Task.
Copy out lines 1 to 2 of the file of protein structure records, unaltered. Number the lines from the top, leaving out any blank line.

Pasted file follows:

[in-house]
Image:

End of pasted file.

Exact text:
[in-house]
Image: